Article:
Senator Barack Obama (D-Ill.) won the Wisconsin primary by a wide margin last night, taking his ninth consecutive primary or caucus.
He is now a clear frontrunner going into the March 4 primaries in delegate-rich Ohio and Texas. Obama leads his rival, Sen. Hillary Clinton (D-N.Y.) with 1,294 delegates to her 1,234.
With 91 percent of precincts reporting, Obama had won 58 percent of the popular vote to Clinton's 41. This decisive victory further accentuates the importance of the Ohio and Texas primaries for Clinton. Her campaign has indicated that these contests are of virtual do-or-die importance.
Obama stumped in Wisconsin twice as much as Clinton did, making 12 appearances to her six in the Badger State.
Obama seems to have embraced his front-runner status in recent days, remolding his message for a protracted campaign against Sen. John McCain (R-Ariz.), the presumptive nominee for the Republican nomination. "The change we seek is still months and miles away," Obama said to supporters in Houston last night.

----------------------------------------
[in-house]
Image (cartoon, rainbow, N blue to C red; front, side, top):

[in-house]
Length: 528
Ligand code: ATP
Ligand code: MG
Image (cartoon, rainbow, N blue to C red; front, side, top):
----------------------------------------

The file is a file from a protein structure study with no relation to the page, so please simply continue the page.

There were also primaries in Hawaii and Washington Tuesday. The Hawaii primary results came in too late for this printing. The Washington primaries did not have any bearing on the convention, as the Feb. 14 caucus in that state determined the allotment of all delegates other than superdelegates.
McCain won the Republican primaries in Washington and Wisconsin yesterday. McCain prevailed easily in the contests, which were both tied to delegates.
But long-shot challenger Mike Huckabee, the former governor of Arkansas, vowed to keep campaigning. "Some of you have suggested that the reason I keep going is maybe just there's some ego trip," Huckabee said Tuesday. But the former pastor denied this, saying he felt a responsibility to continue fighting for his conservative ideals in a race now dominated by McCain, whom many see as a centrist.
"It's about convictions and it's about principles that I dearly, dearly believe in," he said.
© 2008 Tufts Daily via U-WIRE